Then we have some branching out. “Speechless” and “Look At You” are a couple of admirable stabs at funky Hanson jams, and while neither are very distinct they’re good enough. “Yearbook” is a strangely maudlin teenage drama about some friend of Taylor’s that died I would imagine. Youngest Hanson Zac’s lead vocal on “Lucy” is maybe a little too sickeningly cute for most tastes, but Isaac’s on “A Minute Without You” produces perhaps the most maddeningly enjoyable non-single on the disc.

But there’s one track that I would be remiss in not mentioning.


“Man From Milwaukee” is a song written solely by the Hanson brothers about an alien. It is a bonus track and it is CD-only, so if you are one of the many proud owners of Middle Of Nowhere on vinyl or cassette tape, your version of the record ends with sappy ballad “With You In Your Dreams” and your life is a big nothing because “Man From Milwaukee” is the whack-balls teenage achievement of the decade.

The “plot” of the song goes like this: Taylor Hanson sits next to strange bald man at bus stop. Strange bald man at bus stop rants at Taylor Hanson about being abducted by aliens. “He’s talking to Mars / but I think he’s wacky,” Taylor opines. Strange bald man replies with some of the greatest verse lyrics to grace a pop song:

He says where he’s from is called Albertane
There they use more than 10% of the brain
But you couldn’t tell it from they way they behave
They run around in underwear and they never shave

In the end, Strange Bald Man is abducted by aliens, but not before worming the idea of alien invasion so deep into sweet Taylor’s young brain that he, himself, is driven insane. By the last chorus, Taylor has BECOME that Strange Bald Man, sitting alone at a bus stop ranting about aliens, ready to infect the mind of the next curious soul willing to lend and ear to his cock-eyed screed.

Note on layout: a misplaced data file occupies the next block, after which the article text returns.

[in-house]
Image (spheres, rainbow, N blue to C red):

And who is that curious soul? YOU! YOU!! THE NAIVE LISTENER OF “MAN FROM MILWAUKEE”!!

I love “Man From Milwaukee” because while musically it’s pretty by-the-book for Hanson, it’s likely the only genuinely eccentric track they would ever produce, injecting their usual pop-rock with a healthy dose of macabre Nickelodeon kid humor. It’s a road they would never go down again, and it is a shame.


Middle Of Nowhere, again, is not a perfect debut. The ballads are dull and the funk jams unmemorable. But when the Hanson brothers hit with goofy pop joy, they hit harder than likely any pop group produced in the late 90s. Pretty good work for a bunch of dumb teenagers!

My only regret is that this record would mark the end of Hanson’s giddy kid period. Taylor’s voice lowered pretty quickly after Middle Of Nowhere‘s release, sapping the group of a lot of their youthful charm. No more Jackson 5-esque highvoice lowvoice between Taylor and Isaac. No more cotton candy fun. It’s time to grow up, buckos.

Time to cut that damn hair, hippies!!

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2 thoughts on “Hanson – Middle Of Nowhere (1997)

  1. […] all remember how the Hanson story began, don’t we. Of course we do. Actually, it’s likely the only part of the Hanson story […]

  2. Anonymous says:

    I just read your blog about Hanson. I know you mentioned the humor involved in Man From Milwaukee and how they haven’t gone down that road again. While that is true on the kids level and released on an album, you should check out some unreleased songs such as “My Favorite Christmas Sweater,” “Devil’s Nachos,” and “Dream Girl” which is not so much silly as a child-like fantasy. They may not be number 1 on the charts, but they are still releasing great hits (“Thinking ‘Bout Somethin” / “Give A Little”) and still have a large fan base. If you have never been to a Hanson concert, you are truly missing out!